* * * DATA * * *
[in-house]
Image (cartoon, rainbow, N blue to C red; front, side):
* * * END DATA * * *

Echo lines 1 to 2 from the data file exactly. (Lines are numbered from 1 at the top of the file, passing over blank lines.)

[in-house]
Image (cartoon, rainbow, N blue to C red; front, side):